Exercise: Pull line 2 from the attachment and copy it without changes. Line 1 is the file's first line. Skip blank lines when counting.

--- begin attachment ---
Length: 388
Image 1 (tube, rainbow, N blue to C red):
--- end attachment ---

Image 1 (tube, rainbow, N blue to C red):